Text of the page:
It’s really hard to write a review about the second (or third or fourth) book in a series without exposing too much about the first one. So if you haven’t read The Gunslinger, I’ll point you to that post. Want a summary? Read it. That’s my summary. I wouldn’t suggest starting The Dark Tower series with The Drawing of the Three, so if this is the first you’ve heard of it, and you think you might read it, go elsewhere to avoid a huge spoiler.
Okay, since we know, at the very least, that The Dark Tower is about the gunslinger’s quest to, well, the Dark Tower, we can pretty safely assume that he’ll survive the first book. At the end of The Gunslinger, we leave Roland (the gunslinger) as he heads to the coast. The Drawing of the Three picks up there. He wakes up on a beach at night as some lobsterish creatures are swept up next to him with the tide. One attacks him, clawing off three of his fingers and one of his toes. He calls them lobstrosities, and I’ve already talked about them and their awesomeness.
Seriously. If you’re looking for a reason to read this book, they’re it. I digress. So the gunslinger hasn’t only lost some digits: his wounds get infected. In his world, he’s SOL. But! At the end of The Gunslinger, the Man in Black mentions something about drawing, but there’s no explanation until Roland is just about dying on the beach, and he sees a door appear out of nowhere. He opens it and finds himself looking through the eyes of a junkie named Eddie, who is about to try to smuggle cocaine through customs. Roland can control Eddie to varying degrees depending on how far into the door he goes. He can just look through Eddie’s eyes, or he can take complete control. Things Happen. I won’t spoil that part. Just keep in mind that this is a huge chunk of the novel. Like the title says, the gunslinger draws three. One of them is a schizophrenic woman in a wheelchair who is alternately a very nice person and a homicidal maniac. Do with that what you will. And that’s all the plot you’re getting on this one.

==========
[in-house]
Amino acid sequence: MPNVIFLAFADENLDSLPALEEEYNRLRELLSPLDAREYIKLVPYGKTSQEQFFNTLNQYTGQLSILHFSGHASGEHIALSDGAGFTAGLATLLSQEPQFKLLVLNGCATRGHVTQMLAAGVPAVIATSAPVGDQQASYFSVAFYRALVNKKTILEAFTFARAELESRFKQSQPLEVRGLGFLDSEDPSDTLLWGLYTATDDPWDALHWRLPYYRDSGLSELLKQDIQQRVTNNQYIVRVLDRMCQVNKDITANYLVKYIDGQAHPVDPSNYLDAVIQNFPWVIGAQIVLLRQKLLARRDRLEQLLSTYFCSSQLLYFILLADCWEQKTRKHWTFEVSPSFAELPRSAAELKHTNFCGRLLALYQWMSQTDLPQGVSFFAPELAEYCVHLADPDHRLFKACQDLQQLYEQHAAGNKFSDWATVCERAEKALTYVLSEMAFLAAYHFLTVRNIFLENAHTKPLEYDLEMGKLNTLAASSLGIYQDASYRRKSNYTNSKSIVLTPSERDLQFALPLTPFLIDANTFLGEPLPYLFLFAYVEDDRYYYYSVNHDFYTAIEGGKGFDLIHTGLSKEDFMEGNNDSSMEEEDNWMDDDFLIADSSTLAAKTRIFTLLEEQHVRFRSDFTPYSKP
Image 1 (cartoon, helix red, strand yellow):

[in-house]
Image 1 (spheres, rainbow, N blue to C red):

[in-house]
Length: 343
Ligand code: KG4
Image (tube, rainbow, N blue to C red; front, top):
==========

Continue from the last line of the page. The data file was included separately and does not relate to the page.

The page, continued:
I didn’t like The Drawing of the Three nearly as much as I liked The Gunslinger, though it’s not bad. It’s just really different. Most of it takes place through the doors in the twentieth century, and that kind of disappointed me. And some parts were annoying. The gunslinger, probably coming from some post-apocalyptic time when technology is all but gone, doesn’t understand a lot of what’s going on in the twentieth century, and he uses words he knows to describe what he sees. Which is fine to a point, but it goes on all through the book. Here’s an example:
The potions that really worked were kept safely out of sight. One could only obtain these if you had a sorcerer’s fiat. In this world, such sorcerers were called DOCKTORS, and they wrote their magic formulae on sheets of paper which the Mortcypedia called REXES. The gunslinger didn’t know the word. He supposed he could have consulted further on the matter, but didn’t bother.
(In case you’re wondering, the Mortcypedia is the brain of one of the characters.) I like the shifting POV throughout the novel, but the gunslinger’s parts get a bit old.
I think I’ll take a break from this series for a while because, after this book, I’m not too enthused anymore. And a friend told me that the third one gets pretty bad, and he stopped reading it about halfway through. I’m in the mood for some good writing, anyway, so I think I’ll go for Cormac McCarthy‘s Suttree. McCarthy is a dependably good writer, and Suttree has been on my to-read list for quite a while. If you’re reading along, break out your dictionary! You’ll see why.